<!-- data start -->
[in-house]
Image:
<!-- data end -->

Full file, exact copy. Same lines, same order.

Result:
[in-house]
Image: